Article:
Hot and Dry Weather Hurting All Landscape and Garden Plants
Although southern Indiana is not officially under a drought yet, it is extremely dry in the landscape. Temperatures have been in the 90s for several weeks, and most of us have not received any appreciable rain since May.
At greatest risk are herbaceous plants, especially annuals. This includes annual flowers and vegetables. Perennial plants that are well established seem to be surviving, but they are definitely struggling. Trees and shrubs that were planted within the past 12 months are also extremely vulnerable, since they have not been able to produce a widespread root system yet. Many lawns, especially Kentucky bluegrass lawns, are going dormant, even if they are being irrigated.
The best advice I can give is to irrigate what you can. Those of you reading this who pay for sewer when they irrigate may need to make decisions on which plants are most important to water. This also goes for those using well water, or who may eventually face watering restrictions if we enter full drought conditions. I would prioritize newly planted trees because of their value and the time needed for them to mature, followed by edible vegetables.
If you are going to irrigate, it is better to water heavily and infrequently. This means apply the equivalent of 1 inch of water all at once, once per week. A heavy soaking allows the water to infiltrate down deeply into the soil, where the roots are. Watering lightly every day merely moistens the surface dust, and promotes shallow rooting.
With newly planted trees, apply 1/2 gallon of water per square foot of planting hole. If you dug a 2 foot wide hole, that’s about 4 square feet, so you’d need about 2 gallons of water. Do this once a week under normal conditions. Since we are under abnormally high temperatures, I would do this twice per week.
For lawn areas: I generally would not spend the money irrigating the lawn, but you do you. Tall fescue lawns are fairly drought tolerant, and can go many weeks without rain and still survive. Zoysiagrass should be thriving in this weather. However, Kentucky bluegrass is a cool-season grass, and goes dormant in hot weather, even if there is plenty of rain. Although your bluegrass may look dead, right now it is merely dormant. However, if the lawn goes without any moisture for more than 6 or 8 weeks, it will actually begin to die. To keep these lawns alive, I recommend applying 1/2 to 1 inch of water over the lawn once every 3 weeks. This is not enough to cause the bluegrass to green back up again, but it’s enough to keep the roots and crowns hydrated and alive. Hopefully, this will keep the bluegrass alive until temperatures cool off again in the fall.
The last bit of advice: if you are using any type of overhead sprinkling system, do your watering early in the morning. This allows the leaves to dry off quickly as the sun rises. If you water in the evening, the leaves will stay wet all night, and this increases the chances of various fungal diseases.
Leaf Spot Disease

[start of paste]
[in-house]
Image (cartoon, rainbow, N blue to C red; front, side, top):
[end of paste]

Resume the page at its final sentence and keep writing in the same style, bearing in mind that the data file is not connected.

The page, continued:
I’m fielding lots of questions about various leaf spot diseases on trees, shrubs, and other ornamentals. The vast majority of these diseases began their infections earlier this spring, when the weather was cool and wet. Right now, the fungal diseases are already inside the foliage and ravaging the infected leaves, but are not doing much in the way of spreading.
If you are noticing various spots and blotches on your plants, you can send me some photos of the symptoms, along with the name of the plant. I can help you identify the disease, and tell you if there is anything we can do now. If necessary, we can schedule me to come out for a site consultation.
What Are Your Weeds Telling You About Your Lawn?
Many people strive to have a beautiful, uniform, weed-free lawn. I personally don’t bother in my yard…I simply call the clover, violets, and other assorted non-grasses “wildflowers” and leave it go at that!
For many folks, any weed found is a call for nuking it with various herbicides. And while herbicides often have a role to play in overall weed control, they are a short-term fix. Unless you correct site factors that inhibit lawn growth and allow for the weeds to thrive, they will simply come back again and again. Truly, the best weed control is a healthy and thick lawn.
Often, by looking at the major weeds in the lawn, we can get a pretty good idea as to what the major management problems are, and how to correct them. For example, if your lawn has a lot of knotweed and spurge growing in it, this indicates that you have compacted soil. This is because these weeds grow very well in compacted soil, but turfgrass doesn’t. Although herbicides will kill these weeds, if we don’t alleviate the soil compaction with core aeration, the grass will never fill in and the knotweed will eventually come back.
If you click on this link, you can see a list of common indicator weeds for lawns: https://imgur.com/gallery/KRP7HNZ . By identifying the weed, you can have a good idea as to what the site problems are in your lawn, and then take steps to mitigate them. As always, you can have me come out to consult with you to be sure we are headed in the right direction with your lawn management problems.
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